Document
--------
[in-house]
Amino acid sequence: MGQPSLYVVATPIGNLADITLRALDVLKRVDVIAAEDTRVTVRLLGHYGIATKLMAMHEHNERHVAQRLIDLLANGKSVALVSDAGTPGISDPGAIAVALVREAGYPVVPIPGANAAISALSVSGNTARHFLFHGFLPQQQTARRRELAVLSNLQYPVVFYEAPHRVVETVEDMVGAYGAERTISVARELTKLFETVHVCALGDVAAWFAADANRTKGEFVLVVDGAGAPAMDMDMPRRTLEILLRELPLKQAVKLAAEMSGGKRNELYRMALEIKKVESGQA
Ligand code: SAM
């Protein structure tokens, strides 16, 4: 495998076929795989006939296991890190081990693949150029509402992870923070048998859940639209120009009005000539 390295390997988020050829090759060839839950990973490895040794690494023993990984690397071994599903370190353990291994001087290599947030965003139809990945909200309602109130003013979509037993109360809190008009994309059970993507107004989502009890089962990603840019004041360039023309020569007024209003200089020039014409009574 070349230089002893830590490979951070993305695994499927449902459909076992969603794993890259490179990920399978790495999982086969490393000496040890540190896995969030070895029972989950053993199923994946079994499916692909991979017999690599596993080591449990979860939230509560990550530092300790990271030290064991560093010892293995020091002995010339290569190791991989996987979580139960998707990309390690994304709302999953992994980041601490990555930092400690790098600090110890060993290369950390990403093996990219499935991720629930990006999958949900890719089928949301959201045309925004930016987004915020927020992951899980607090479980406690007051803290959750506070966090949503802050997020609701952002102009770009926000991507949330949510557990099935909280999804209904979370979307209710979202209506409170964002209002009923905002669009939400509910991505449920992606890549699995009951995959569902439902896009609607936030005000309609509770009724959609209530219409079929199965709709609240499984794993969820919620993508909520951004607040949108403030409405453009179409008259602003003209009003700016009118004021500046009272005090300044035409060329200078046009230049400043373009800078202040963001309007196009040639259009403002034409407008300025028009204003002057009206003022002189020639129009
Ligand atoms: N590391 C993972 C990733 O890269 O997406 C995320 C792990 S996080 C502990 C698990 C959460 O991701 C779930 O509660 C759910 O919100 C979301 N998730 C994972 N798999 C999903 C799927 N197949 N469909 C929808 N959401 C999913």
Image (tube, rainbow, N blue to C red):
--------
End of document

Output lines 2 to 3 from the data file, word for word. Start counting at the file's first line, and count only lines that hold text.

Amino acid sequence: MGQPSLYVVATPIGNLADITLRALDVLKRVDVIAAEDTRVTVRLLGHYGIATKLMAMHEHNERHVAQRLIDLLANGKSVALVSDAGTPGISDPGAIAVALVREAGYPVVPIPGANAAISALSVSGNTARHFLFHGFLPQQQTARRRELAVLSNLQYPVVFYEAPHRVVETVEDMVGAYGAERTISVARELTKLFETVHVCALGDVAAWFAADANRTKGEFVLVVDGAGAPAMDMDMPRRTLEILLRELPLKQAVKLAAEMSGGKRNELYRMALEIKKVESGQA
Ligand code: SAM